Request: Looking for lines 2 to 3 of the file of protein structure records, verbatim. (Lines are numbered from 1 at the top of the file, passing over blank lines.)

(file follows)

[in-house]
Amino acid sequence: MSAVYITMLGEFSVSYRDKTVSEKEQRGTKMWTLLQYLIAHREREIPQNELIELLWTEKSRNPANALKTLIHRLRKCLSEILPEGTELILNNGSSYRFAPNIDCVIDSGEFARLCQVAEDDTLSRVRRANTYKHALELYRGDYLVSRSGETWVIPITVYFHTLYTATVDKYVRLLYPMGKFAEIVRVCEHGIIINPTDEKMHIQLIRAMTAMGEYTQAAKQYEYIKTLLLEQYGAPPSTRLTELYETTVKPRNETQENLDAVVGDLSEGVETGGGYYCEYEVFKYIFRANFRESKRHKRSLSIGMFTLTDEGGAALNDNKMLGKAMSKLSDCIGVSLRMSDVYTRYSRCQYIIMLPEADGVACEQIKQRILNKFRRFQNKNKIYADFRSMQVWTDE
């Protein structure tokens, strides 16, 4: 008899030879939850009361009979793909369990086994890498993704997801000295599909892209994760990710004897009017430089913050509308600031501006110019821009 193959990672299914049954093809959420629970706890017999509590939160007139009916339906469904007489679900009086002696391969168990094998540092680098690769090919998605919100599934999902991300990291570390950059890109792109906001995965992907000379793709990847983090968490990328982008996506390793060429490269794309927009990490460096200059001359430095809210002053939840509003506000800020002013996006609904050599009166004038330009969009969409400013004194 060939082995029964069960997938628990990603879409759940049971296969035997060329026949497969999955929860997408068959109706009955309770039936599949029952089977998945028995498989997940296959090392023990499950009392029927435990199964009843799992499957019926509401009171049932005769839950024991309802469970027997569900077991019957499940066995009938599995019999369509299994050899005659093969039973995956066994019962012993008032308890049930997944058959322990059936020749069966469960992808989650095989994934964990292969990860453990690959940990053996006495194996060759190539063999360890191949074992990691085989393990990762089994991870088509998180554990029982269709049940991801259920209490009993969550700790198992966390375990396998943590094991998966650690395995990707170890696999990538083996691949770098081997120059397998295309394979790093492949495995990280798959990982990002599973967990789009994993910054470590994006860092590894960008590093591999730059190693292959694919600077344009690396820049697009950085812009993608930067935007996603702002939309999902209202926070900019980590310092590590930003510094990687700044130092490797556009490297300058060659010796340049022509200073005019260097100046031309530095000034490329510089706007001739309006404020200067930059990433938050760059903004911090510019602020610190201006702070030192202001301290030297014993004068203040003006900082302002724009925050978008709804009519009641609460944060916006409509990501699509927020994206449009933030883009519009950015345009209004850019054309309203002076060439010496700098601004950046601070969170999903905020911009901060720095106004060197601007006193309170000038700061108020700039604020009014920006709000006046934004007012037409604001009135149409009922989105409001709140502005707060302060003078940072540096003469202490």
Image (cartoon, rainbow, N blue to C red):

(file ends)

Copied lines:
Amino acid sequence: MSAVYITMLGEFSVSYRDKTVSEKEQRGTKMWTLLQYLIAHREREIPQNELIELLWTEKSRNPANALKTLIHRLRKCLSEILPEGTELILNNGSSYRFAPNIDCVIDSGEFARLCQVAEDDTLSRVRRANTYKHALELYRGDYLVSRSGETWVIPITVYFHTLYTATVDKYVRLLYPMGKFAEIVRVCEHGIIINPTDEKMHIQLIRAMTAMGEYTQAAKQYEYIKTLLLEQYGAPPSTRLTELYETTVKPRNETQENLDAVVGDLSEGVETGGGYYCEYEVFKYIFRANFRESKRHKRSLSIGMFTLTDEGGAALNDNKMLGKAMSKLSDCIGVSLRMSDVYTRYSRCQYIIMLPEADGVACEQIKQRILNKFRRFQNKNKIYADFRSMQVWTDE
């Protein structure tokens, strides 16, 4: 008899030879939850009361009979793909369990086994890498993704997801000295599909892209994760990710004897009017430089913050509308600031501006110019821009 193959990672299914049954093809959420629970706890017999509590939160007139009916339906469904007489679900009086002696391969168990094998540092680098690769090919998605919100599934999902991300990291570390950059890109792109906001995965992907000379793709990847983090968490990328982008996506390793060429490269794309927009990490460096200059001359430095809210002053939840509003506000800020002013996006609904050599009166004038330009969009969409400013004194 060939082995029964069960997938628990990603879409759940049971296969035997060329026949497969999955929860997408068959109706009955309770039936599949029952089977998945028995498989997940296959090392023990499950009392029927435990199964009843799992499957019926509401009171049932005769839950024991309802469970027997569900077991019957499940066995009938599995019999369509299994050899005659093969039973995956066994019962012993008032308890049930997944058959322990059936020749069966469960992808989650095989994934964990292969990860453990690959940990053996006495194996060759190539063999360890191949074992990691085989393990990762089994991870088509998180554990029982269709049940991801259920209490009993969550700790198992966390375990396998943590094991998966650690395995990707170890696999990538083996691949770098081997120059397998295309394979790093492949495995990280798959990982990002599973967990789009994993910054470590994006860092590894960008590093591999730059190693292959694919600077344009690396820049697009950085812009993608930067935007996603702002939309999902209202926070900019980590310092590590930003510094990687700044130092490797556009490297300058060659010796340049022509200073005019260097100046031309530095000034490329510089706007001739309006404020200067930059990433938050760059903004911090510019602020610190201006702070030192202001301290030297014993004068203040003006900082302002724009925050978008709804009519009641609460944060916006409509990501699509927020994206449009933030883009519009950015345009209004850019054309309203002076060439010496700098601004950046601070969170999903905020911009901060720095106004060197601007006193309170000038700061108020700039604020009014920006709000006046934004007012037409604001009135149409009922989105409001709140502005707060302060003078940072540096003469202490």